Insurance 101 for Cottage Food Businesses

By: Jessica Glass

Before you look into purchasing a policy, you may want to ask yourself — where do you want your business to go? Is your budding business something that you are looking to keep within your neighborhood, family and friends? Have you envisioned selling your product to a larger audience, maybe through a festival, concert, or farmers market? Does the idea of partnering with a large outlet like Costco or Whole Foods excite you? All of these avenues require insurance, some just requiring more comprehensive policies than others.

Types of Insurance

To start, it’s important to know that for most bakers, insurance breaks down into two categories: General Liability and Worker’s Compensation.

A General Liability Policy protects you and your business from a lawsuit, an accident, or any other unexpected disruption to your business related to products or services.

A Worker’s Compensation Policy (Workman’s Comp) is an ADDITIONAL policy that may be added to your General Liability policy. If you have staff, this is very important in making sure that they are protected should something happen to them while they are working for you. It is not required if you do not employ a staff.

An agent/insurance company will present these to you as two separate quotes when you are ready to sign up: (1) for General Liability and (2) for Worker’s Comp.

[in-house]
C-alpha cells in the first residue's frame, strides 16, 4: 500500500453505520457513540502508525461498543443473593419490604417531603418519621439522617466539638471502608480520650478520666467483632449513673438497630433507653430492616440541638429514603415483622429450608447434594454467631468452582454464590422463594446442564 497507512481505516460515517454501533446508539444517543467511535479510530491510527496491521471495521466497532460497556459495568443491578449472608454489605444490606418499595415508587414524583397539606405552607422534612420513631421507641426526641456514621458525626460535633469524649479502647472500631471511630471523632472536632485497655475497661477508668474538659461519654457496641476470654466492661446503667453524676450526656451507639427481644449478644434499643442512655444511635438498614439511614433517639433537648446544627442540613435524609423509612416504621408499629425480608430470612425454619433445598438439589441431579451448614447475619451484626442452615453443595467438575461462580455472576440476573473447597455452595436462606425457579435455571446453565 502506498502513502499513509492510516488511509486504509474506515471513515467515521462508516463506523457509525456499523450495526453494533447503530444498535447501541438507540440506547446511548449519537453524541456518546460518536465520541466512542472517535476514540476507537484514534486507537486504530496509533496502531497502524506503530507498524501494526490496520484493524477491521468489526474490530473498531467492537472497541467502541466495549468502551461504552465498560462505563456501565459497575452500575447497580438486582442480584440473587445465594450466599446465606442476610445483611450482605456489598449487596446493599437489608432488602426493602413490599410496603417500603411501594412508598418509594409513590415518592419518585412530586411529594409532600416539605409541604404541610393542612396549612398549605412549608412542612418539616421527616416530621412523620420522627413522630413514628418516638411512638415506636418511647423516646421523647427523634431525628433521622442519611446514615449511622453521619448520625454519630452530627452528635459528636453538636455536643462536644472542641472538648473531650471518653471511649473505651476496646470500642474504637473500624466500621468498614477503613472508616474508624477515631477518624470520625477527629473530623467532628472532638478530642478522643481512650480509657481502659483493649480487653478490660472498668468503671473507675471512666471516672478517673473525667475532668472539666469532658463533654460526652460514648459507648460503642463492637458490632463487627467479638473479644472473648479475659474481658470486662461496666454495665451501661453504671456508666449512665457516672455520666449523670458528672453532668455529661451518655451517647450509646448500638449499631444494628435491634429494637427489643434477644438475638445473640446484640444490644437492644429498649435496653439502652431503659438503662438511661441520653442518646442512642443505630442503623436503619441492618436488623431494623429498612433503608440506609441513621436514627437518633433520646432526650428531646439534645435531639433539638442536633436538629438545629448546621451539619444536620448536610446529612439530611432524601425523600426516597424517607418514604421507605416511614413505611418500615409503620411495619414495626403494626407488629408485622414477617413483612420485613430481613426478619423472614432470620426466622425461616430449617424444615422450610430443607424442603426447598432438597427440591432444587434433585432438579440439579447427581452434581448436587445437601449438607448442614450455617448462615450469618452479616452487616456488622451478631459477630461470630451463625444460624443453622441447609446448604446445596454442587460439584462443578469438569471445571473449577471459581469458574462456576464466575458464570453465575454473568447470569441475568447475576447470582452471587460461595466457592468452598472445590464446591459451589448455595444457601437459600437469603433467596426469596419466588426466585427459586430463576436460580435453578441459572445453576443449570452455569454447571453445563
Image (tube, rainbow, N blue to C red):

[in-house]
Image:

Insurance Shopping and Terminology

Insurance costs can start as low as $300 for the year and can go up depending on business needs. They can be paid annually or monthly. If you are not familiar with insurance or policies, there’s some basic terminology that will help you in your search for a policy.

*Make sure that when you speak to an agent or purchase online, that one or all of the following terms are included in your coverage. Many organizers of markets, festivals, and shared kitchens will require you to submit a Certificate of Insurance (COI) and add them as an ‘Additional Insured.’ This is a very simple step that you can often do on the insurance company’s website, or with an agent. An additional page will be sent to you to then sent out to the organization.

Certificate of Insurance (COI): a copy of your policy, usually on one page, that lists all of the important components of your policy.

Product liability: coverage of claims related to product’s defects. May cause injury or destruction to someone else’s property. Example: Customer gets sick from consuming product, or presence of toxins in food.

Aggregate: A limit in the policy stating the most it will pay for all covered losses sustained during a specified period of time, usually a year.

Per-occurrence: the amount that the policy will pay for a single claim.

Aggregate limit: The maximum that a policy will pay over the length of coverage.
For example: A $1 million/$2 million aggregate means that the insurance will cover up to $1 million per claim, but will not exceed $2 million within the year.

Insurance Companies

Here are a few companies we recommend looking into!

1. FLIP Insurance
2. Hiscox
3. Liberty Mutual
4. Progressive
5. Nationwide
6. The Hartford


Jess hails from North Jersey. She is a karaoke maniac and owner of a personal chef/bakery business — In the Company of Yum. She absolutely loves being a foodpreneur and delights in a variety of noshes, most recently fostering a healthy relationship with fruit galettes.